Prime Time Crime


(Prime Time Crime exclusive Sept 30, 2017)


Convicted in Absentia

By Bob Cooper

During the trial in which the Royal Canadian Mounted Police faced 4 charges under the Canada Labor Code relating to the murder of 3 members and the wounding of 2 others in Moncton, New Brunswick, Commissioner Bob Paulson appeared to testify.  With one foot out the door and his pension secure (Top Mountie says it was acceptable RCMP didn't have carbine rifles during shootings).  He was not under subpoena, he did so of his own volition in order to justify the slow roll-out of training and issuing front line members with the C-8 carbine.  The central theme revolved around the ‘militarization of the police’, a catch-phrase usually uttered by the anti-police crowd, civil liberties types, and others with no idea of the realities of day to day police work.   

While I give him credit for taking personal responsibility for the delay (up to a point), the array of excuses he offered were simply astounding, particularly the following gems.

It's not just about image; it's about the relationship with people, said Paulson. It also affects quality of life in Canada, he said.

The inclusion of the word ‘just’ means it’s very much about image and the rest of his evidence makes it clear they were running scared after the heat they took over Tasers in the wake of the Robert Dziekański death at Vancouver International Airport in 2007.

He went on to describe the 7 year delay in deploying the carbines as “reasonable” owing to studies he believed were necessary to justify them.  This in spite of no less than 6 RCMP internal reports recommending carbines.  He then claimed his feelings had nothing to do with the delays.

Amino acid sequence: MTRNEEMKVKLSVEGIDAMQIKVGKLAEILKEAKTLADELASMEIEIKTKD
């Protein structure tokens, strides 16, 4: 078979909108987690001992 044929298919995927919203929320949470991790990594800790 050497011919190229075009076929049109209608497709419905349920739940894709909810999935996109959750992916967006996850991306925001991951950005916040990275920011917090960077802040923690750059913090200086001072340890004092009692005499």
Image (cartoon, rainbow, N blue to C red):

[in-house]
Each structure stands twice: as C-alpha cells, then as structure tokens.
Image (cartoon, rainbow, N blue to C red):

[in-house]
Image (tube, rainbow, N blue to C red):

Paulson said he didn't feel carbines were the appropriate weapon for the RCMP in 2009-10, but on Sept. 6, 2011, he supported the decision to equip Mounties with Colt C-8 carbines.

He doesn’t mention where, on the road to Damascus, his conversion occurred.  Or why.

"Very emotive discussions go around the carbine," he has said. "The use of our tanks, because we have all that equipment — we got tanks, we got drones, we got machine-guns. But, you know, are we going to be going into shoplifters with a carbine?"

That’s simply stupid.  To the point of being insulting.

Paulson appeared to tear up as the Crown reviewed the number of RCMP officers killed by gunfire in the line of duty since 2010. Ten of 11 were killed by long guns, not including the Moncton Mounties, the courtroom heard.

He was able to stifle his tears long enough to respond by saying that no one can say that any one of them would survived if they had been armed with a carbine.  Fair enough.  I’ll give him that.  But it would certainly have evened up the odds and given them a fighting chance.

Under direct examination by Mark Ertel, defence lawyer for the force, Paulson said there was no way to foresee an active outdoor shooter event.

Of all the Commissioner’s claims this had to be one of the most absurd.  Most uniformed RCMP members work in rural areas and usually in one-man cars.  Some of these detachments are extremely remote with the nearest cover unit being miles and sometimes hours away.  Of the 78 Mounties slain in the line of duty, the vast majority have been killed in ‘active outdoor shooter events’.  A classic example was the murder of 3 RCMP Constables in Kamloops, BC in 1962 (C/Supt. Jack White).

As can be seen, the decision by 2 plainclothes members to go home and get their hunting rifles made all the difference that day.


The murder of 4 RCMP Constables on a farm in Mayerthorpe, Alberta in 2005 by an ‘active outdoor shooter’ spurred the first serious discussion of carbines, and in the mind of most police officers, the discussion should have been limited to what kind and how fast can we get them? 

Paulson’s testimony prompted this response from a very outraged, not to mention ballsy, Cpl. Patrick Bouchard 'You are not a leader', whose letter to the Commissioner went unacknowledged.

Judge Leslie Jackson found the RCMP guilty on one count, not guilty on two others, and issued a stay on the fourth.   RCMP failed to provide adequate equipment, training in Moncton shootings.

When Commissioner Paulson made his appearance in June, he told reporters "Well, I'm the accused.  I represent the RCMP and as the accused individual, the commissioner that's in charge, I thought it appropriate to come and tell my story. And so I did."

Not a single member of RCMP management was present this morning when the verdict came down.  Not even The Accused.


Bob Cooper is a retired Vancouver policeman.  He walked a beat in Chinatown and later worked in the Asian Organized Crime Section and the Homicide Squad.

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